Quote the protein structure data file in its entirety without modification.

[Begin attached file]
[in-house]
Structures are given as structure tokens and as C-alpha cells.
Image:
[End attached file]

[in-house]
Structures are given as structure tokens and as C-alpha cells.
Image: